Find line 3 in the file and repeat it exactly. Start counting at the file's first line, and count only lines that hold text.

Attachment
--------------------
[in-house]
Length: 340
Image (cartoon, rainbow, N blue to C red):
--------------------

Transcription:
Image (cartoon, rainbow, N blue to C red):